Two methods were applied to assess antigen selection in productive and mutated VH gene immunoglobulin rearrangements as described previously.21 28 In other types of calculations, as described previously,23 the calculation of a reliable p value (p≤0.05) failed in the cases with a very low number of somatic mutations.


The patients' characteristics are summarised in table 1.

The clinical course of each patient was characterised by delayed function of the followed by early suspected acute rejection. Patients 1 and 4 showed graft failure with graft explantation.

The histopathological data for each case are shown in table 3.

Table 3

Histopathological data

In all cases there was a scattered and nodular CD20 (+) B cell infiltrate (figure 1A,B). Some proliferating lymphocytes and a weak meshwork of CD21 dendritic cells were also detected in the nodules, but no clear germinal centre structures were identified; B-cells were intermingled with a minor component of CD4(+) T cells, and macrophages and plasma cells were present in the interstitium, but represented less than 10% in three cases. CD27 (+) B cells were scattered in the lymphoid infiltrates. C4d deposition was diffusely present in the PTCs in case 1 and focally present in cases 2 and 3. It is worth noting that glomerular capillary endothelial deposition of C4d (figure 1C) and glomerular inflammation with thrombosis and fibrinoid necrosis were only present in case 1 (figure 2).

Figure 1

CD20(+) B cell pattern of distribution. (A) Scattered CD20(+) B cell infiltrate; (B) nodular CD20(+) B cell infiltrate; (C) CD4+ T cells in nodules (immunohistochemical stain, (A, B): × 100; (C) ×200).

Figure 2

Histological picture of antibody-mediated rejection in case 1. (A) capillary thrombosis and cellular infiltration (H&E, ×200); (B) capillary fibrinoid necrosis (Masson Trichromic ×200); (C) diffuse capillary deposition of C4d (immunohistochemical stain ×100).

A total of 183 VH sequences were amplified from the six cases of kidney allograft analysed. Eighteen of the 139 rearranged VH genes (10%) were non-productive, being out of frame in five cases and containing a premature termination codon in CDR2 and CDR3 in three cases.

Of the nine potentially productive VH rearrangements amplified from CD20 (+) B cells, six were unique, and three were shared by different sets of cells (see below).

Sequence analysis of the productive rearrangements of CD20 (+) B cells showed that they represented a mixed population of mutated and unmutated CD20 (+) B cells, with a great variability between cases. The average mutation frequency range in mutated cells was 4.11–21.55% and did not differ significantly among the various clinical and pathological categories of renal transplant (table 4).

Table 4

Molecular analysis of IgVH genes

Overall, the use of IgVH genes in our cases did not appear to show any bias towards the preferential use of a specific gene, since VH3 (the largest and most frequently used family) was found to be rearranged most often (108/139; 78%) followed, in order, by VH4 (20/139; 14.5%), VH5 (8/139; 6%), VH2 and VH1. The use of JH segments also appeared to reflect the normal representation of peripheral antigen-experienced CD20 (+) B cells.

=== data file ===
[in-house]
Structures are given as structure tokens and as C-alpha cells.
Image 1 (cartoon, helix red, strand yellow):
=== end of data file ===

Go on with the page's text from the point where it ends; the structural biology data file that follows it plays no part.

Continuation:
The estimation of antigen selection in CD20 (+) B cells showed that the mutation pattern in most of their IgVH genes was negative for antigen-driven selection of a functional CD20 (+) B cell receptor. In fact, of 84 mutated IgVH genes, only 41 had an R/S ratio in the framework region (FWR) 3 <1.5 (11 out of 34 had an R/S ratio in the CDR2 >2.9) (table 4).

Regarding the three non-unique VH gene rearrangements amplified from case 1, all were productive and mutated and belonged to one group of three clonally related cells (clones L and F1). All three sequences showed a VH3-74*01/DH4-23*01/JH4*01 usage but a different pattern of somatic mutations. These clones had virtually identical CDR3s and carried shared as well as unique somatic mutations, suggesting clonal expansion and intraclonal variation (figure 3). In the same case, sequences with an identical CDR3 rearrangement but a different VH usage were isolated; in fact, the sequence derived from clone A had a VH3-15*05/DH5-24*01/JH4*01 rearrangement, whereas the sequence derived from the clone B1 had a VH4-59*08/DH5-24*01/JH4*01 rearrangement.

Figure 3

Clonal relationship between CD20(+) B cells in case one. The group of clonally related cells was composed of three cells obtained from three different single CD20(+) B cells. The putative progenitors are depicted with grey nuclei, and the IgV gene rearrangement of the clonally related cells deriving from the progenitor is indicated above. Shared point mutations and acquired unique mutations are indicated above and below the line, respectively. Vertical bars depict S mutations, and lollipops depict R mutations.

This finding indicates that the CD20 (+) B cells analysed in our cases had revised the receptor specificity (ie, receptor revision). The clones listed in figure 4 illustrate the VH replacement occurring at the 3′ end of the FR3 embedded heptamer (TACTGTC). The 3′ FR3 embedded heptamer is displayed with a black background in the figure, and HCDR3s are boxed.

Figure 4

DNA clones exhibiting variable heavy chain (VH) replacement at the 3′ FR3 embedded heptamer. Two VH (VH 5–15, VH 4–59) clones from NK66 (A and B1) are aligned centrally with their most similar germline gene counterparts. The 3′ FR3 embedded heptamer is displayed with a black background, and the HCDR3s are boxed. Nucleotide differences between the two clones are indicated by asterisks, and identities are indicated by dots.